SUMIMASEN – JAPAN THROUGH THE EYES OF AN ESTONIAN PHOTOGRAPHER
The title of the exhibition, „Sumimasen”, means an apology. Still, the Japanese use this word to apologize and express gratitude, start a conversation, or when slightly confused. As highly polite people, citizens of the Land of the Rising Sun apologize even when they do not know how to help a lost Estonian or cannot understand what the foreigner asks. This is a word that all photographers visiting Japan have encountered on their travels, and it is one of those words that is quickly picked up out of practical necessity.
This Japanese-themed photo exhibition presents works from our first open competition and photos by authors invited by the curators. It is remarkable how many Estonian photographers have pictures of Japan taken over the years, all from very different and sometimes surprising angles. All the showcased photographers represent a unique point of view of the distant country and the life of the people there.
While some photographers have developed a stronger, more personal, and long-lasting connection with Nippon, others have a shorter and more intense experience. Due to his family ties, Ott Kadarik (b. 1976) has spent long periods in Japan. He has taken time for undisturbed observation, capturing meaningful moments and observing people and the city in the backdrop. He is not motivated by the touristic search for exoticism resulting in lavishly composed images.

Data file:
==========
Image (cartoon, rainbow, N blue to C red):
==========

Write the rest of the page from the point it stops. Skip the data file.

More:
Rasmus Jurkatam (b. 1982) is most fascinated by the contrast between chaos and order in Japan, where the neon-lit city’s countless subway lines contrast with the tranquil temple and nature. Eliis Laul (b. 1991) lives and studies in Japan and is most interested in Japan’s spirituality and how this spirituality is expressed in photography and traditional art. Rait Tuulas (1987) is a street and documentary photographer with a background in philosophy, exploring Japanese urban space through the lens of the camera, dismantling the chaos of metropolitan Tokyo into isolated moments that tell the story of a particular place and reveal its multiple facets.
In closing, as curators, we bring our hands together, bow our heads and say „Sumimasen”, both in gratitude and apology, because we understand that the selection of photos we have chosen for this exhibition represents just a tiny fraction of this fascinating, mysterious and magnetic land.
Acknowledgments: Artproof, Telliskivi Loomelinnak, Taevas Ogilvy, Hektor Container Hotel, Pakenditööstus, Tikkurila, Ajar Stuudiod, Leadgid, Rudus, Embassy of Japan in Estonia, Balmerk Estonia